I blogged last year that college hoops fascinate me, because it seems almost possible to create any reasonably accurate set of predictions at the beginning of a season (here, in case you’re one of the few people on the planet who missed it the first time) . Well, here we are, another year later, and the point is even clearer.
We’re only a few weeks into the season, and, already, one of the pre-season top-10 teams has fallen out of the rankings, while a team that got zero pre-season votes for the Top 25 is now #7. (Here are the preseason rankings, and here are the current ones.) I’m talking about North Carolina, which was originally ranked #9 and now, having already lost to Minnesota and Vanderbilt, is not ranked, and I’m also talking about UCONN, who beat down a few “top 10 powerhouses” like they stole something.
I point this out again simply to note two things:
1. Personally, I don’t see any reason to start paying attention to college hoops until conference play begins. There are too many teams to keep track of, and, without any reliable sense of who’s worth paying attention to, there’s really no way for a fan who works during the day to have any idea what to pay attention to.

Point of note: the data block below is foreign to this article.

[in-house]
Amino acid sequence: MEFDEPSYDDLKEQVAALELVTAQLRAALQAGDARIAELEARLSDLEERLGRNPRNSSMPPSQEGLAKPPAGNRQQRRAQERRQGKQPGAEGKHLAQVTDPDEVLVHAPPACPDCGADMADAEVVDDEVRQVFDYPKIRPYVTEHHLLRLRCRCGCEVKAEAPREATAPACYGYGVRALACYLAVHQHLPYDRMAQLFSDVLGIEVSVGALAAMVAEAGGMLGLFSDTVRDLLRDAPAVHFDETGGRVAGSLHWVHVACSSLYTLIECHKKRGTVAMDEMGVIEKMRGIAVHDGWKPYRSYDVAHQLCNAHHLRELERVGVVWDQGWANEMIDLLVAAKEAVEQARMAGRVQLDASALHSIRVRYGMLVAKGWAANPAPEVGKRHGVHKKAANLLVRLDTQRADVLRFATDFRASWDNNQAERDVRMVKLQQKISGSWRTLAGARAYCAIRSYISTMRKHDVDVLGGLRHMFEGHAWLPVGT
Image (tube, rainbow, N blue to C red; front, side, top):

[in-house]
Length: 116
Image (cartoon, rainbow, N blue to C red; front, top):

2. The reasons that are typically given for college teams’ successes are completely bogus. Often we hear about coaching. But, lots of proven winners are mired in funks. Roy Williams, to name one, seems to have lost the magic he had at Carolina when Ty Lawson and Tyler Hansborough were there. (Funny how that works.) Gary Williams, with a national championship on his resume, hasn’t done much recently. Nor has Tubby Smith. Or Rick Pitino.
I’m not saying that these guys aren’t good coaches, I’m just saying that, when we hear people praising coaches as if they’re brilliant geniuses who have figured out the magic formula for winning consistently, we should remember that lots of those coaches have trouble, well… winning consistently. It’s really remarkable how quickly the winning touch comes and goes.
And, separate from coaching, we often hear about “tradition” as the reason why teams get good. But “tradition” doesn’t seem to be doing much to help Carolina or UCLA, let alone other former powerhouses like Indiana, St. John’s, Michigan, or, come to think about it, the entire Pac 10 Conference.
In a nutshell, at the college level, there’s a very thin line between success and failure. Personally, I love watching the game, and seeing which teams are able to create a winning formula…. starting in January.
Until then, I’ll be monitoring college hoops, but watching the NBA.